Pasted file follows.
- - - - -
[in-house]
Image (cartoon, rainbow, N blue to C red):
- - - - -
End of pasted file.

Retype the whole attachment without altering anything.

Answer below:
[in-house]
Image (cartoon, rainbow, N blue to C red):